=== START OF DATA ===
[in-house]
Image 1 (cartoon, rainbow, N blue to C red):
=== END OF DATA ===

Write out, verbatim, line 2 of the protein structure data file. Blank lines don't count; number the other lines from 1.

Image 1 (cartoon, rainbow, N blue to C red):